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How to Scale Back the Guest List for Your Wedding

Is the first draft of your guest list looking a little bit too long or do you need to cut it back due to unforeseen circumstances? Here are a few cuts you can make.

Outdoor wedding ceremony

One of the first steps of wedding planning is crafting your guest list. While you may think it’s a piece of cake, it can actually get pretty tricky—especially if you want to host a micro wedding. If you need to scale back your guest list we’ve got a few pro tips and tricks for you.

Here’s how to scale back the guest list for your wedding.


Adults-only weddings are pretty common, so don’t feel bad about cutting kids from your guest list if necessary. Sure, they can be cute additions to photos and may do some LOL-worthy dancing at your reception, but they don’t need to be there. Of course, you’ll want to let the parents know way in advance so that they can hire a sitter.

Plus Ones

In a perfect world, everyone would receive a plus one to a wedding, but that’s not exactly realistic. Sometimes it just isn’t in the budget to double your guest list for the sake of your friends’ social comfort. The rule of thumb here is to invite the partners of people who are in long-term relationships or married but to skip sending RSVPs to flings, friends or recent flames.

Reciprocal Invites

If you attended a friend's wedding, you may feel an obligation to reciprocate the invite. However, this doesn't have to be the case—it really depends on the current circumstances. For example, if their wedding was five years ago and you're no longer in close contact, the change in your friendship status means you needn't feel obliged to invite that person. Alternatively, if they had a large guest list prior to Covid, whereas, your wedding plans call for a more intimate affair, I'm sure they'd understand.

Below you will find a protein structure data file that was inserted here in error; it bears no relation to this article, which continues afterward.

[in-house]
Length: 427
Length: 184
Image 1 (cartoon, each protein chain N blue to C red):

Extended Family

This can be a pretty sensitive topic, but there simply might not be room on your guest list to invite all of your relatives. If you have relatives that you barely know or rarely see, your wedding doesn't also have to be a family reunion. One way around this is to include a virtual component. The hybrid wedding trend became a necessity during the pandemic and there are ways of making this approach fun and inclusive.


Unless you hang out with your coworkers outside of the office on a regular basis they don’t need to be invited to your wedding. Just remember, if they’re not making it onto your guest list, you’ll want to avoid working on your seating plan at your desk or discussing design details at the watercooler so that no one feels left out.


Ok, this one should go without saying, but don’t put your former flames on your guest list. Even if you’re super chummy, their presence could stir up some drama on your big day (and who wants that?). Sure, you could celebrate your nuptials with drinks or a group dinner, but they don’t need to be there when you tie the knot. Save the seats for your current list of loved ones.

People you don’t know

I know what you’re thinking, “why on earth would I have people that I don’t know on the guest list for my own wedding?”. Yes, it seems crazy, but a few names may have popped up on your list without you realizing it. How? Well, if your nearest and dearest don’t want to fly solo to your wedding, they may ask to bring along their BFF, roommate or coworker. It’s hard to say “no” when someone like your mom or dad puts in this kind of request, but you’ll have to if you don’t want to risk upping your headcount. They may be a little bummed, but they’ll totally understand your reasoning.

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